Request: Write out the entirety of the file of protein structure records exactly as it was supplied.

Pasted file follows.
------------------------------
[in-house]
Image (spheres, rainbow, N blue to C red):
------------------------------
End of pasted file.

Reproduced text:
[in-house]
Image (spheres, rainbow, N blue to C red):